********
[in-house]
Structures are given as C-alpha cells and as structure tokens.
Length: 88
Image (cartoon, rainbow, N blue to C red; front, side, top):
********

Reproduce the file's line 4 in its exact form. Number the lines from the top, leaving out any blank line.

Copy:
Image (cartoon, rainbow, N blue to C red; front, side, top):